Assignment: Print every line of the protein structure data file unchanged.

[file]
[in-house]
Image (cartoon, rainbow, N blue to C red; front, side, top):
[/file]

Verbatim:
[in-house]
Image (cartoon, rainbow, N blue to C red; front, side, top):